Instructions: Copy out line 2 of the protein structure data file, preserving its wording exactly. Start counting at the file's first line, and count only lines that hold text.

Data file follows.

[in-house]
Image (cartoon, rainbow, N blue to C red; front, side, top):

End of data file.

Image (cartoon, rainbow, N blue to C red; front, side, top):